May 25 2018 Hinde Adjar

African Smart Cities: a solution to the booming urbanization process in the continent?

Africa is undergoing impressive urban growth. The continent who was alongside with Asia one of the least urbanized in the world back in 2014, is now demonstrating fast urbanization rates[1] and is envisioned to reach a 2.4 billion population within the next decades favoring cities over rural areas[2]. By 2030, it is expected that 6 of the world’s 41 megacities will be African, the cities being Cairo, Lagos and Kinshasa joined by Johannesburg, Luanda and Dar es Salaam[3]. The urbanization process has undoubtedly the power to transform the global economy, however, it also comes with a set of challenges such as the need for mobility and access to urban service, the access to clean water and sanitation, public health and safety issues as well as policy-related matters.[4] Hence, the urbanization process can spur development only if initiatives are taken on to cope with the structural challenges that urbanization generates; and efforts are pursued to create inclusive, safe and sustainable cities as awaited by the UN Sustainable Development Goals. [5]

In the light of these challenges, questions about the continent’s readiness for the so-called third revolution[6] emerge with an important interrogation being:

How will Africa deal with the booming urbanization process?

Eko Atlantic, Nigeria

Eko Atlantic, Nigeria – Nigeria’s ambitious multi-billion dollar project that aims to transform Lagos, the country’s most populated city.

As the 2016-2025 decade is promising to be the decade of the continent’s development through technology, Smart cities are presented by policymakers as the solution to the rapid urbanization growth. According to the International Telecommunication Union, a Smart city is “an innovative city that uses ICTs [information and communication technologies] and other means to improve quality of life, efficiency of urban operation and services and competitiveness”.[7] African policymakers are very much aware of the role of technology in spurring the development of urban cities. Incentives proving the importance of the matter include the Casablanca Smart city expo, the launch of the Nigerian Smart Cities Initiative aiming to encourage ICT’s integration in the country’s urban infrastructure and the Smart Africa blueprint initiative[8]. The blueprint launched in Rwanda in 2013, addressed to African city leaders and officials, lays down the principles for Smart city platforms and advises on the effective strategies and challenges to face the continent’s booming urbanization. A large set of successful initiatives inspired by the blueprint were put in place, using ICT to foster the development of Smart cities around the continent. EParking Solutions in Nairobi or online e-government services portal like “irembo” in Rwanda are examples of urbanization-led innovations.[9] Moreover, Smart cities are blooming all around the continent as illustrated by Eko Atlantic in Lagos, Nigeria; Hope and King City in Ghana; Vision City in Kigali, Rwanda[10]; Kenya’s new tech hub Konza technology city and Waterfall city in South Africa.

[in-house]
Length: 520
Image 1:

Overall, the development of Smart cities in Africa benefits from the African experience in matters such as limited legacy drawbacks (costs associated with the maintenance of infrastructure in place), youthful consumer population, a dominant entrepreneurial culture, connectivity facilities and policymakers efforts in positioning ICT as an enabler.[11] While for some these ambitious Smart cities urban projects have the potential to reshape Africa’s urban future,  it is argued for others that these developments are nothing else than a utopia.[12] What should be highlighted here is no matter how “smart” the efforts or the “cities” are, the focus should be emphasized on the responsibility held by policymakers in planning for the change. As H.E. President Paul Kagame goes in the Smart Africa summit “we have to think ahead. It is up to us to plan adequately for urban expansion by anticipating the higher standard of public services, housing, liveability, and economic opportunity that our citizens expect and deserve. […] technology is not a panacea, and it does not run on auto-pilot. To get the cities we want, we must always keep the people we serve at the center of our efforts. Technology alone cannot do that for us.”[13]

Hinde Adjar, Infomineo.










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